Previous studies have suggested that subjects participating in schizophrenia research are not representative of the demographics of the global population of people with schizophrenia, particularly in terms of gender and geographical location. We here explored if this has evolved throughout the decades, examining changes in geographical location, gender and age of participants in studies of schizophrenia published in the last 50 years. We examined this using a meta-analytical approach on an existing database including over 3,000 studies collated for another project. We found that the proportion of studies and participants from low-and-middle income countries has significantly increased over time, with considerable input from studies from China. However, it is still low when compared to the global population they represent. Women have been historically under-represented in studies, and still are in high-income countries. However, a significantly higher proportion of female participants have been included in studies over time. The age of participants included has not changed significantly over time. Overall, there have been improvements in the geographical and gender representation of people with schizophrenia. However, there is still a long way to go so research can be representative of the global population of people with schizophrenia, particularly in geographical terms.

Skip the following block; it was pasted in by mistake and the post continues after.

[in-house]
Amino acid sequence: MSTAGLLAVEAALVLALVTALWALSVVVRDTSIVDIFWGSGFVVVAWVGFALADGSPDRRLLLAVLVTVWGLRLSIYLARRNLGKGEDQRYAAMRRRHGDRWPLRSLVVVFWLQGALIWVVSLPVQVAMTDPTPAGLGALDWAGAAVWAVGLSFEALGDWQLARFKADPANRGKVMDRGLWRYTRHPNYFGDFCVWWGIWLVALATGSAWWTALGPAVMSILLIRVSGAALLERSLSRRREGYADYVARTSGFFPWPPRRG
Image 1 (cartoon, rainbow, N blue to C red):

Original languageEnglish
Article number114279
JournalPsychiatry Research
Early online date25 Nov 2021
Publication statusPublished - Jan 2022


  • Age
  • Diversity
  • Gender
  • Global diversity
  • High-income countries
  • Low-and-middle-income countries
  • Schizophrenia


Dive into the research topics of 'Gender, age and geographical representation over the past 50 years of schizophrenia research'. Together they form a unique fingerprint.

Cite this